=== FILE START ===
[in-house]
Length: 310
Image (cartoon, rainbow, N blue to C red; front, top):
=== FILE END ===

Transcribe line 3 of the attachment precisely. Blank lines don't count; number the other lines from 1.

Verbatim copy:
Image (cartoon, rainbow, N blue to C red; front, top):